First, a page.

Swipe 6x to appreciate the splendour of the Spitzerberg. (c) Lois Lammerhuber

One can perhaps picture the Spitzerberg as a reef, with the primeval ocean breaking upon its rocks for millions of years. Because of this, the Spitzerberg is covered with a thick layer of limestone, which comes from the ‘middle ages’ of geology. The sandy ground retains little in the way of water, and the mount – some 300 metres in elevation – always lies open to strong winds and high temperatures; there is no mistaking the expressive nature of grapes grown on the Spitzerberg. The extreme conditions yield marvellously aromatic wines with complexity and depth, finely woven filigreed texture and a refreshing framework of acidity.

The wind

No wonder, then, that the Spitzerberg is a destination of choice for gliders and sailplanes. There are hot and dry air masses that flow continually from the enormous plain to the south, bound for the Danube River Valley. The Spitzerberg, which lies smack in the middle of this corridor between the Leitha Range (Alps) and the Hundsheimer Hills (Lesser Carpathians), presents itself as a barrier upon which the warm air currents rise and collect. These updrafts provide pleasure on a daily basis to innumerable unpowered aircraft, which soar and hover silently above the Spitzerberg.

For the vines, these warm air currents provide a blessing and pose a challenge at the same time. On the one hand, constant winds dry up all moisture in no time at all, so that there is hardly any danger of fungal infection on the Spitzerberg. And on the other hand, the hot and dry conditions put the vines under significant stress, threatening their very existence. Any growth of vegetation is minimal – the plants concentrate their entire energy on the modest growth of fruit. This makes wines from the Spitzerberg expressive in an unmistakeable way.


The exposed situation drives conditions of the continental climate to extremes. During the winter months, an icy wind whistles around the hillsides. In July and August, the temperatures will often climb toward forty degrees, but the nights in late summer and autumn are quite cool. This enables the clusters to develop an advanced degree of ripeness, but thanks to the meagre amounts of water involved, sugar production (and with it the production of alcohol) remains moderate. And the cool autumn temperatures preserve refreshing acidity.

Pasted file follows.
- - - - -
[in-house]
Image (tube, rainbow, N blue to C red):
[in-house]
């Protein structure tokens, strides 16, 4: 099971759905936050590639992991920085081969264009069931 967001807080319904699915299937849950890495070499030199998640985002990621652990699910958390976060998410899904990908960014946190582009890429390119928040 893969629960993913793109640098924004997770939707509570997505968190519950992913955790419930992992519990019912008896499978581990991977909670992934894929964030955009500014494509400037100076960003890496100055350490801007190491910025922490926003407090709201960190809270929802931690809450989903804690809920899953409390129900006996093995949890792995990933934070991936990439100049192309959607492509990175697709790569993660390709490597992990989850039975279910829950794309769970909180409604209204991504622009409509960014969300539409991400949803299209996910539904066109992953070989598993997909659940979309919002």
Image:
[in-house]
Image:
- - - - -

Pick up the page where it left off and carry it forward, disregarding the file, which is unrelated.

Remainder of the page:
The annual average rainfall is around 400 millimetres – this causes the grapevines on the Spitzerberg to exist right on the edge of survival. Most of the rain falls in May or June, and often takes the form of violent thunderstorms and heavy downpours. The vines must nourish themselves for the entire summer from these. The most important period for the quality of the grapes is in the last weeks before the harvest. This is when one notices the greatest influence of climate change. While thirty years ago the harvest began in mid-October on the Spitzerberg, the warming of the world finds the grapes now ripe around end of September.


Soil & Vineyard Sites

Generations ago the Spitzerberg was arranged into three levels of terrain, and specified thoroughfares were laid out. Thanks to erosion over the course of centuries, conditions in the soils have changed. At the lower end of each level, more soil has collected, which accordingly can retain more water. Here, growth proceeds at a lively pace. But the upper reaches of each level are more barren, drier and more demanding. The wines that are harvested from these parcels deliver greater complexity, with more intense aromaticity – and require more time spent maturing to come into balance.

In order to do justice to the various soil compositions, Dorli Muhr harvests her grapes from the upper and lower parts of each parcel separately. The clusters from the rather more vigorous rows are used for the regional cuvée Carnuntum (formerly the Cuvée vom Berg).

The Spitzerberg is subdivided in to nine component sites, all of which display widely varied characteristics, although they have fully identical carbonate soils (limestone & dolomite). They vary, however in the grain-size of the sandy topsoil. From west to east, the soils become consistently more finely grained. And the difference in flavour is quite impressive.

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The vineyards are cultivated organically, and Weingut Dorli Muhr is certified organic as of the 2018 vintage. In order to transmit the characteristic freshness and finesse of the Spitzerberg to the wine, it is particularly important that no overripe berries find their way to the cellar. Given the high temperatures and the extraordinarily dry conditions, this is not always easy. For this reason, the harvest commences just as soon as the tannins in the grapes are ripe – and the harvesting is done in a very precise manner: each individual berry that is either over-ripe or dried-up is discarded in the vineyards itself. That leaves the estate with a harvest volume averaging some 3000 kilogrammes per hectare.